Some 3hrs later we were checking out the cabins and deciding on where to ride. As the accommodation wasn't available until later in the afternoon we decided not to wait around and opted to get a decent ride in over at Dalby, map.

After paying the fee to get into the forest (£7 a day, later topped up with £3 to make a handy 7 day pass - tx Uphilla) we assembled our rigs at the well equipped center amidst dappled sunshine.

Heading out from the car park sets the tone of the trail with ample switchback practice throughout the duration of the ride. As usual you initially climb your way up and out of the valley with the trail gradually "contouring" the valleys (or riggs) that flank 3/4's of the forest.

With over 20miles of Red rated trails and plenty of steady pedal-ie sections defo it puts your fitness to the test, but with fresh legs we found ourselves zipping along nicely :) Thankfully Dozer's tight rear brake was steadily freeing itself as we cranked out the miles.

Dalby's Red route is interspersed with optional Black "bits" or complete sections should you fancy something more than a vanilla cross country ride. We past Dixon's Hollow, the play area, and decided to leave it for another day and crack on. As this was our 1st visit, we mainly kept to the Red and easily settled into the obstacles and terrain that typify this trail. Our knobbly's coped with a thin layer of mud, roots, sand, small rocks and numbing crocodile back "pavement" through to a full range of tight, open, fast and slow corners. Only a few climbs are steep enough to cause any headaches and there are plenty of short drops to rapidly pull your speed back. Traction was good throughout with just the later sections being a little sketchy in the dampness.

The last section is a tease as the GPS showed the finish around 1 mile away (as the crow fly's) but the trail zig zags left and right with ample climbing to shred your spirits and legs. Fortunately the final section rewards your efforts with a schweet switchback combo back to the coffee shop.

Our first taste of the area allowed us to dial in our rigs a little better and get ourselves out of our "flatland" routine ;-) I was pleased to find that Dozer getting on well with his new rig and the new spring up front (medium to x-firm) meant he wasn't rapidly blowing through his travel.

Tracklog and pic's.

Posse: Dozer (Canyon), Farqui (5Spot). Uphilla (5Spot), Daaanhilla (Commencal), Rob (Flux), Dom/Zena arrived a little later but we didn't manage to meet up.
Weather: Warm 12c-ish, light breeze, dry to start with drizzle to finish.
Mechanicals: Dozer had a dragging rear brake
(new pads) which sloooowly loosened up.

Saturday, April 05, 2008

The Gap

Since a Drude moved to Herefordshire my roadie pal and I have been gradually hatchin' a plan to go for a pukka MTB ride in this gorgeous part of the country. Taking a while to match up a suitable free weekend we finally turned our wheels over the Brecon Becons today. Even though we'd had plenty of prep time we hadn't really settled on a route until a few days before and the writeup suggested we'd get a good taste of the area without killin' us. ;-)

With snow forecast for Sunday and the air temp dropping we wrapped up and rolled out of Talybont-on-Usk onto a disused railway line. I thought this'd be a gentle, wide'n'smooth warm up to the open moorland ahead but we quickly found the trail was rocky (albeit with the rocks plugged into the earth) and as it narrowed so did our focus on the next few lumps ahead. The gradient wasn't anything to worry about and we were soon removing the layers in the dappled sunshine, especially as we were still shielded from the wind by the valley'n'trees.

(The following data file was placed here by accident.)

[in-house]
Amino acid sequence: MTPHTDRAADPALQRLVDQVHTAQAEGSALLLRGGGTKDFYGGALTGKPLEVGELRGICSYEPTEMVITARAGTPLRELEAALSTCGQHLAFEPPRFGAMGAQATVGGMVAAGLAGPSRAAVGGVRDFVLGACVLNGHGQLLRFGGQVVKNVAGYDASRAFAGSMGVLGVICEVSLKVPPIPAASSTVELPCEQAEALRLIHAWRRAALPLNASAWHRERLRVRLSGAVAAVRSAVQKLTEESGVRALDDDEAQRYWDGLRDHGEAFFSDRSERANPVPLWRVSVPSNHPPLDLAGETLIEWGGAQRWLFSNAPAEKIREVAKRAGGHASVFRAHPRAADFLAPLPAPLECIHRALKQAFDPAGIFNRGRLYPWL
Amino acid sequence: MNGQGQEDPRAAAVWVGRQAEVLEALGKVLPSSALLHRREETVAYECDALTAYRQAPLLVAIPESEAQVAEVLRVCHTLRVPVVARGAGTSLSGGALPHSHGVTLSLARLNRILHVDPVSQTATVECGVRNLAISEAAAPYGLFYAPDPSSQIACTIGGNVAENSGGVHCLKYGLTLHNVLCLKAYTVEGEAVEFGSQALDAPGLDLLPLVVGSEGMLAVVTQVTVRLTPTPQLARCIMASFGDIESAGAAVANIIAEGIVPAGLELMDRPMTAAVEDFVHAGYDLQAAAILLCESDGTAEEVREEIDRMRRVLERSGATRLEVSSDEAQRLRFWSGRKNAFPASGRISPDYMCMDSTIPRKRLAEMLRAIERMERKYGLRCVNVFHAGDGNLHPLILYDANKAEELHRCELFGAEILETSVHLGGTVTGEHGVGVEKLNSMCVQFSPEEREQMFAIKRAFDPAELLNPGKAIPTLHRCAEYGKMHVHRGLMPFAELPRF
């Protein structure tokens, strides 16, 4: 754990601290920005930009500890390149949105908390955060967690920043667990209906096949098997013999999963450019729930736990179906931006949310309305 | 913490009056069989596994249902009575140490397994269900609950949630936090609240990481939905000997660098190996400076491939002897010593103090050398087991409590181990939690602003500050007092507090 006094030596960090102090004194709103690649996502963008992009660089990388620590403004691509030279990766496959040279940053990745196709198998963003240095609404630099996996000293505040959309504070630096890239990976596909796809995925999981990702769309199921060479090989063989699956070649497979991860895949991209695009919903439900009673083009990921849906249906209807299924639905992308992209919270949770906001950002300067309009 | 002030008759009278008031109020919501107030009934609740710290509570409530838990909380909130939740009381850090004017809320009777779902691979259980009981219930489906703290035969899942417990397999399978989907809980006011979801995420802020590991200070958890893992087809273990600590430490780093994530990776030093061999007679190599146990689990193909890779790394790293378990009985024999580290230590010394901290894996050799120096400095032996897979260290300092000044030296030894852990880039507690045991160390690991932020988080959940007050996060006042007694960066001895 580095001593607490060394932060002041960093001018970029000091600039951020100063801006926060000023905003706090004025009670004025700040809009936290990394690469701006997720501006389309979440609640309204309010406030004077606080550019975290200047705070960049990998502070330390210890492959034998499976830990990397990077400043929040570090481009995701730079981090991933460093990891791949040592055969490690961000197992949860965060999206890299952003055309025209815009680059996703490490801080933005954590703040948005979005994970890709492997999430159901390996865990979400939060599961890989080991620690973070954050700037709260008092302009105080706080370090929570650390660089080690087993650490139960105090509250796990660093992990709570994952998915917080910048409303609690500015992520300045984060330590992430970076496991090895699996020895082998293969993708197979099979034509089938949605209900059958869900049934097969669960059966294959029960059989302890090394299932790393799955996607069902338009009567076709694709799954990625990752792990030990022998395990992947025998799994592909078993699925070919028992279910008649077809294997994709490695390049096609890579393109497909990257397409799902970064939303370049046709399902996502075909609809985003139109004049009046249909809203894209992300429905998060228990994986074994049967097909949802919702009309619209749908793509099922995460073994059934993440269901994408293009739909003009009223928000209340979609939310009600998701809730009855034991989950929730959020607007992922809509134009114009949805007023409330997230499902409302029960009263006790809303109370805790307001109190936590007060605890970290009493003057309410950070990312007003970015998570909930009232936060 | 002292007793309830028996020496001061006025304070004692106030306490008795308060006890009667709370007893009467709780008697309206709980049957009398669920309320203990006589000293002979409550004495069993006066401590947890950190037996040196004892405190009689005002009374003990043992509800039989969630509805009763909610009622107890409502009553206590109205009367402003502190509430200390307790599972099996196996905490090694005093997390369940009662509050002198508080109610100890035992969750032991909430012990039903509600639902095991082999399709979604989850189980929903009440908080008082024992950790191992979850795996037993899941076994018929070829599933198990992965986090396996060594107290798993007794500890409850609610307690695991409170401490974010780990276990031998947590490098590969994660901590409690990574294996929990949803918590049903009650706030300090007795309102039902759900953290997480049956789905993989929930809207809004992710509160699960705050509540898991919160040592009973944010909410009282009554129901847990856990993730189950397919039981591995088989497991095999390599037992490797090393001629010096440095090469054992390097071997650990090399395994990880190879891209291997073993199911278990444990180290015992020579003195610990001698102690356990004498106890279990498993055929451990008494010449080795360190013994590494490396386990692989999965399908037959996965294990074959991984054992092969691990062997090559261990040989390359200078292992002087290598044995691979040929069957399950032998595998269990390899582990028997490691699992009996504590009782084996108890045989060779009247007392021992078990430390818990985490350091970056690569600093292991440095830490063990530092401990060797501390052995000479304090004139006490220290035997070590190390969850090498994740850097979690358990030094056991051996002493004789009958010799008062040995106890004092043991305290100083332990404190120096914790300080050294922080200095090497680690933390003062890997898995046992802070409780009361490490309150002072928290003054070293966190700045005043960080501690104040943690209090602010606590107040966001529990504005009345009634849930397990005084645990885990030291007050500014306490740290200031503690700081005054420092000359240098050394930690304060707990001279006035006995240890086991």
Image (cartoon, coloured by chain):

As the tree line receded the views became more dramatic, the wind steadily increased and the rocky terrain continued to focus your ridin'. After a short rocky scrabble (both of us hiked) we rolled out onto a ridge and carefully navigated our way through "The Mother of All Bogs" - I kid you not. We found it was fairly dry but in winter I suspect this section would be a nightmare. After some rocky and boggy moments, Drude soon learned to latch on the line I'd be continually adjusting for the less hazardous option. At this point the wind wasn't too bad (it was still behind us) and the views were difficult to ignore until your front wheel got bounced/sucked off line ! A nice technical and twisting climb followed that got me (aka Mr Flatlands) back in the steep'n'techie groove.

After racing through and around long 4x4 scars we started to plunge down into the forest where the bridleway gradually became more rocky. Then rockier. Steeper and rockier. Until Drude hoped we were done with the rocks, then we rounded a corner for the mother of all loose, rocky drops. "Commitment" was all mumbled and I jostled my way down.

A comparatively gentle section followed before we popped out onto the road around Pentwyn reservoir. This is the lowest point before "The Gap" and it's gentle drag up, all the way, for mile after mile of road that then breaks to double track. We past a few walkers but they didn't hinder our jolly progress upwards. Thankfully the track wasn't too technical but the increasing headwind made some bits quite awkward.

After a catching our breath in the lee of the ridge (and gorgeous sunshine) we continued through "The Gap". OMG, the wind was tearing through and forced us both to dismount purely because we simply could not see - our eyes were watering soooo much, even behind sunnies. You're quickly plunged down and around the mtn that pleasingly reduced the headwind but now it became a gusty cross wind ! The descent isn't as deep in loose rocks as earlier but it just goes on and on and on with just a few short and sandy (packed) sections to give your limbs and eye's a rest. Proving that a full susser ain't such a bad thang I hammered down and at the gate I found my roadie chum was upping his game on the challenging terrain. At least I couldn't hear his singing as I crashed down the trail :)

Back in the warm sunshine of the valley we decided not to bother riding up to Brecon and zipped around the quiet country lanes. After slip streaming a 4x4 :p we were soon at signs for the Taff trail and a few corner later we opted for the even quieter canal tow path back Tally b.

This ride has plenty of climbing but it's relatively gentle and riding the route clockwise means you get rewarded with loads-a-fast and/or technical downhills to make the steady drag's well worthwhile. Although it's technical in places it's a got some great sections to hone your skills and even "scared y cats" can get around without too much walking.

After a well earned pint and a bite to eat we headed back to Drude's to clean up, pop open a cold one and soak the ol'bones in his hot tub. Tip top.

It's a route I'd definitely like to tackle again, who's interested ?

Tracklog, pic's and a partial writeup from WhatMTB here.

Posse: Drude (Giant XTC), Farqui (5Spot)
Weather: Dry, sunny spells, warm in the valleys but windy and cold up top
Mechanicals: none